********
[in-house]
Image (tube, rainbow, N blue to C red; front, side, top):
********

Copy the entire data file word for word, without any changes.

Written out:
[in-house]
Image (tube, rainbow, N blue to C red; front, side, top):